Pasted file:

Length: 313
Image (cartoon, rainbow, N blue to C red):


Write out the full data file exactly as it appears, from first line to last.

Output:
Length: 313
Image (cartoon, rainbow, N blue to C red):